20200925_164028.jpg
    Pressing out old bushings.

    20201004_192842.jpg
    Originals LCA bushings

    20201004_110409.jpg
    New Bushings, Lower Control arms treated and painted.

    20201004_112749.jpg
    New Bushings pressed in, never forget that light coat of antiseize on the bushing sleeve.

    Sway Bar Links and Sway Bushings: Bushings and links looked a bit tired. Needed to cut one of the nuts out.
    Sway Link.jpg
    Link nut had to be surgically removed... with a cutoff wheel.

    Sway Bar Replacement -
    When I was at the local Pick-n-Pull (LKQ in my area) picking up a set of factory fog lamp assemblies, I scored a sway bar in much better condition than my original

    Sway bush.jpg
    Sway bar bushing... slightly worn out.

    New Sway Bar .jpg
    "New" (bottom) vs. Old


    Helpful Tools:

    Helpful Resources:
     
    Last edited: Dec 2, 2020
  6. Oct 9, 2020 at 9:40 AM
    #6
    Cattywampus

    Cattywampus [OP] Splitter of CV Boots

    Joined:
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    Vehicle:
    '03 Tacoma DC TRD OR
    With all of the front suspension out, I decided to change out the steering rack bushings. When pulling off the "wrap around" bushing, I discovered corrosion pitting had occurred all the way around the steering rack tube. Although no leaks were present, I was not sure how much wall thickness remained between the inside of the tube and a potential leak. I bought a replacement OEM rack from a salvage yard out west. More on that later.

    For now, I impromptu decided to replace the transmission filter with all the components removed and a clear shot at the transmission pan. It arguable whether this is necessary, but at 190k I figured it might be a good idea. It also might give me an idea of the overall health of the transmission. The replacement is straight forward and Timmy the Toolman has a great in depth video detailed every step. With the oil pan removed, nothing abnormal was noted with the fluid or filter. The sediment on the filter seemed normal, no excessive buildup.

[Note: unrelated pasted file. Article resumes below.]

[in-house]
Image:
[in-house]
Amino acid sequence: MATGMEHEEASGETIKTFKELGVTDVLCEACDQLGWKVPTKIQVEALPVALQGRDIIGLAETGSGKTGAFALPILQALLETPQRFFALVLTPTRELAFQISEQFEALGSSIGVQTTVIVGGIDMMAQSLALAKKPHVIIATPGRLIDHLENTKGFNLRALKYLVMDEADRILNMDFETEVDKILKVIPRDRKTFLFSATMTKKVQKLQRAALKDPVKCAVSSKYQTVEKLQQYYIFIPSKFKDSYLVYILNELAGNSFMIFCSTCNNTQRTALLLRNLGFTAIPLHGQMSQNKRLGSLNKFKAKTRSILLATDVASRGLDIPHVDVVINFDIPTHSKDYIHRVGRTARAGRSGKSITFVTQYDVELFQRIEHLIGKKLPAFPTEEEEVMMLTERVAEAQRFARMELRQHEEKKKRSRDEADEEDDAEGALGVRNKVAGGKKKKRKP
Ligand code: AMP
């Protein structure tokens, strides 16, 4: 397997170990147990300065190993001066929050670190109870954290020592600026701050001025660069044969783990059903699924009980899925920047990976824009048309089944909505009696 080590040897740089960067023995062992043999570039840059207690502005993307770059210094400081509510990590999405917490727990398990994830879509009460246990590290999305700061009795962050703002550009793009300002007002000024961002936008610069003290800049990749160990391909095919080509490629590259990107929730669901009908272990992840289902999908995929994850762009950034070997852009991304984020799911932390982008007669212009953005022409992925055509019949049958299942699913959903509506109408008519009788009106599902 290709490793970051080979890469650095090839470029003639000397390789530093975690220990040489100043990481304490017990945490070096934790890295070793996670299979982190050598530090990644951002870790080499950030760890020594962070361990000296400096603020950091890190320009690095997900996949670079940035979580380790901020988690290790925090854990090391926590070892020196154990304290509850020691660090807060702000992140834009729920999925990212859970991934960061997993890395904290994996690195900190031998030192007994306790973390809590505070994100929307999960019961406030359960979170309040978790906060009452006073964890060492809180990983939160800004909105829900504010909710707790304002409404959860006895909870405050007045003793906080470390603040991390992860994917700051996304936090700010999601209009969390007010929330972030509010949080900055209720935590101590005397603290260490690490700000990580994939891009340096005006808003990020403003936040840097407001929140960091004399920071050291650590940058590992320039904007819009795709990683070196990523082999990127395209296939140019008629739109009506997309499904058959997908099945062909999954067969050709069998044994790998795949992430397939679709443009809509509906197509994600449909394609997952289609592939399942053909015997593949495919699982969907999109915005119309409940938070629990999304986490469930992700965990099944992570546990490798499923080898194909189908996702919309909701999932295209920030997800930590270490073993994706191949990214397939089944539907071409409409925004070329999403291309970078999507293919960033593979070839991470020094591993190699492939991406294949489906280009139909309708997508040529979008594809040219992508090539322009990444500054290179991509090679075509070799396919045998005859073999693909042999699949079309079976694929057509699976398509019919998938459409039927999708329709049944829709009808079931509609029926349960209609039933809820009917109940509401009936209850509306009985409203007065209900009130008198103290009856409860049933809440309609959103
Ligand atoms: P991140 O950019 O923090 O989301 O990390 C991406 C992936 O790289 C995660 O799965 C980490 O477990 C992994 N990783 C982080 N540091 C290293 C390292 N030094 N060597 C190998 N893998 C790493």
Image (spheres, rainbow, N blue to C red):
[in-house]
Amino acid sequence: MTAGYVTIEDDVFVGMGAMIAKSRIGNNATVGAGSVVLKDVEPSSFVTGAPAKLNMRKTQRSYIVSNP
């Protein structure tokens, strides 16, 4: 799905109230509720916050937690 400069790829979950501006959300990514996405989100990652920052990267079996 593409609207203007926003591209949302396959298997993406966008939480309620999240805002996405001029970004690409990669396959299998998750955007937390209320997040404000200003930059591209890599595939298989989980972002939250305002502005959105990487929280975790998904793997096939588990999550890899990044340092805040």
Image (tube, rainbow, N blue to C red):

Obligatory shot of old and new filter plus the cleaned oil pan:

    20201008_191006.jpg



    Helpful Resource:
    https://youtu.be/tuGazNhuEtM

    ***Note: I didn't need the special oil pan gasket separator that Tim mentions in his video. I used a stiff paint scraper and was careful not to insert to in too far.
     
  7. Dec 2, 2020 at 9:42 AM
    #7
    Cattywampus

    Cattywampus [OP] Splitter of CV Boots

    Joined:
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    Vehicle:
    '03 Tacoma DC TRD OR
    Icon 2.5" IPF Coilover Rebuild (P/N 58615):

    I had an old crusty set of Icon 2.5" IFP (internal floating piston) coilovers that lived on my Tacoma for almost 10 years. I neglected maintenance on them for various reason. I bought a set of fox coilovers for the truck as part of a black Friday deal and planned to rebuild coilovers eventually. Well eventually turned into almost a year and then the 4Runner came along. Since the coilover fits both a 1st gen Tacoma and a 3rd gen 4Runner, I finally had the motivation to get to that rebuild. I won't go into too much detail of the how to, as there is a great writeup which I'll link below: